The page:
This was written several hours ago, shortly after dawn local time, by one of the junior enlisted personnel on a PSD team in Afghanistan. It's a good op-ed, sent in an e-mail before rolling out on a mission that will keep him on the move for the next several days. Now, the Legalese - "the views of the writer may not necessarily reflect those of Military.com"...but don't let that stop you from reading it.
Afghanistan, Independence Day, 4TH of July...to us. I woke up this morning and I saw this and a very emotional feeling overwhelmed me. I knew I had to capture it.
Over here it feels like just another day. Back home it's a day of music, BBQ, being with loved ones and friends; drinking, relaxing and of course my favorite - having a great time celebrating America's freedom with Chinese-made fireworks. It is a a day to celebrate the liberties we all have...the right to bear arms, the right to free speech, the right to freedom of religion. What we do not think about, all of us, are all the liberties we take for granted every day.
The drive-through line is too long. At least we have a store to go buy fresh, quality food with a reasonable assurance the meat wasn't slaughtered right there in front of the store and hung by its feet waiting to be bought.
My day started badly. I didn't get my Starbucks espresso mocha latte grande cappacino. Well, to be fair, when you do get your faggacino you won't have to worry about the guy there on the street corner wearing the latest in suicide vest couture wanting to show you and your kids, or your parents or friends, just what the new features are and how they work.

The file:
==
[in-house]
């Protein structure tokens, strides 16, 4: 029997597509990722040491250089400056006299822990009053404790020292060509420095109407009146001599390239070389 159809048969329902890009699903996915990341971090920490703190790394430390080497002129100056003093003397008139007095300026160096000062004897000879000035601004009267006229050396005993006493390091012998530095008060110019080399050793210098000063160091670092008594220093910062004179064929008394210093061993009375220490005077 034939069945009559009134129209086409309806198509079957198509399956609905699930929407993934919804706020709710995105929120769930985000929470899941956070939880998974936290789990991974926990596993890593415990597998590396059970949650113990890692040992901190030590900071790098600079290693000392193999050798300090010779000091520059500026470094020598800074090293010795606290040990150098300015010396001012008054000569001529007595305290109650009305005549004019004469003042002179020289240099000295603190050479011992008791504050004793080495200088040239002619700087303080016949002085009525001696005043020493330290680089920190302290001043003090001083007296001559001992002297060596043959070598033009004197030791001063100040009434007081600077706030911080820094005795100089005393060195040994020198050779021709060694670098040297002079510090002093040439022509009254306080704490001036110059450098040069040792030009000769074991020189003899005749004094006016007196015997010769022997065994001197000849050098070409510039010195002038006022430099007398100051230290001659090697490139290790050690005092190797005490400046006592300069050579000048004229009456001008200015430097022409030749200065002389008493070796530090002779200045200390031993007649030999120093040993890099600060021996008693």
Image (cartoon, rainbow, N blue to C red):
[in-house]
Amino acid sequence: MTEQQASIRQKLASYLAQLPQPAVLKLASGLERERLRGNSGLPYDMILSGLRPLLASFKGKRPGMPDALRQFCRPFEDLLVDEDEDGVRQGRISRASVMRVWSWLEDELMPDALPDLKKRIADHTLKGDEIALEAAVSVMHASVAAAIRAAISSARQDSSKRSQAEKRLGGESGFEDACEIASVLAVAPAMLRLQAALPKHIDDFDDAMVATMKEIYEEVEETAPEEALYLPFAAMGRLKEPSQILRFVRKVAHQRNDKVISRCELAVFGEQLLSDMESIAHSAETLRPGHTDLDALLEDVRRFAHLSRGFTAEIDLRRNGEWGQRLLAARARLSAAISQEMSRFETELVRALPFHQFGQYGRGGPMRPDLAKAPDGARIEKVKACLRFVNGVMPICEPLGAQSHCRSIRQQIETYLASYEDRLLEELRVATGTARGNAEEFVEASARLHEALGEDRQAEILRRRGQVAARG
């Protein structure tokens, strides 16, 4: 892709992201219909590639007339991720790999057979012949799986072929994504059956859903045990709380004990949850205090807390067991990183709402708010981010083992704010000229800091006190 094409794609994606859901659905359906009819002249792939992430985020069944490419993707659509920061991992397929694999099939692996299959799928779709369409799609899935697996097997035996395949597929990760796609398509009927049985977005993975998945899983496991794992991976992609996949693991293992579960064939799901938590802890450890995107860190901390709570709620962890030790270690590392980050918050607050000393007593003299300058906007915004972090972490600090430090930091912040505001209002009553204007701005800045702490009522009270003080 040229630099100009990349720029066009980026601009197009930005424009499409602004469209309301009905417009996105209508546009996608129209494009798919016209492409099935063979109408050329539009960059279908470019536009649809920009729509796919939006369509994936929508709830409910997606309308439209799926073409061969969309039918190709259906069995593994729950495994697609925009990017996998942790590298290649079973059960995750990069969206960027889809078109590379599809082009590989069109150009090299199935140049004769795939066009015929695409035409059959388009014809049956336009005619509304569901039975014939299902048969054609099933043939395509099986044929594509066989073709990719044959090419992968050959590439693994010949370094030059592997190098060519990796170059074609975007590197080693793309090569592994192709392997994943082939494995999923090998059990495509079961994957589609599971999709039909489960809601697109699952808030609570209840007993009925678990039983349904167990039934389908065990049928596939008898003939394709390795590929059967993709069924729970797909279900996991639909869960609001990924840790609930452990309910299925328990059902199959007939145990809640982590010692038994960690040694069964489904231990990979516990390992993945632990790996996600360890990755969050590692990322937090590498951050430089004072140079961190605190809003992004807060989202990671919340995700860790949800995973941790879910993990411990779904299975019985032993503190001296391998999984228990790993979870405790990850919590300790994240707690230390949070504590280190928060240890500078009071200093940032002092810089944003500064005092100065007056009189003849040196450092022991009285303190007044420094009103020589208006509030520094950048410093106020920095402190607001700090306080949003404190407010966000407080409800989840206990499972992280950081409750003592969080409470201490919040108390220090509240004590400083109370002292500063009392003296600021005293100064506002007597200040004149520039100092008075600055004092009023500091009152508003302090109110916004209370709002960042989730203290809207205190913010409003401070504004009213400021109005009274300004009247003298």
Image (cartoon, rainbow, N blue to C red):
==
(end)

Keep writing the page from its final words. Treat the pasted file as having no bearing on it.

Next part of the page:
This traffic sucks. Well, we that's true, but at least you don't need to be concerned that the guy three cars behind you, the product of a country with a literary rate well below 10%, has a trunk full of HME, or that because he can't actually read the Koran himself he has no idea that killing himself and other innocent people around him might not actually be what Allah wants him to do.
Think about these things. They're liberties all of us have at home - over here, they don't exist. Not for the people who live here, not for the troops working among them. Our country was founded on the premise that each of us had a right to life, liberty and the pursuit of happiness (note: the pursuit of happiness, not a guarantee of it). Here we are, up to our ears in debt, borders leaking like a sieve, solvable problems afflicting us, and there are people just standing by and watching. They may talk about it, but that's all they do because either it's, Not their problem, or it's a matter of What difference could I make anyway?
We Americans are frequently self-centered (by no means something unique to our country) and care little about what's going on elsewhere in their world. Sure, if it's headline news we're all over it, but the moment a bigger or better story comes along that recent world crisis slides off the radar and off to the wayside because that one Kardashian has a new line of clothes and hey, what's-her-name and Tom Cruise are getting a divorce and for the love of God, what about the children?
This evening, before we set off to celebrate without really reflecting on the true meaning of liberty, or with an America - F-#& Yeah! attitude, I WANT YOU to reflect on the picture of those flags. Look at those countries from around the globe helping us keep this big, confusing puzzle together.
Then think about the two flags that are half as today. The very same people we originally celebrated Independence from are today mourning the loss of one of their own, just like we are. Both were killed in the service of freedom.
For those of you who are actually willing to hang it out there and do something about it, in whatever way you choose, Thank you and Happy Independence Day.
Have a good day, Americans.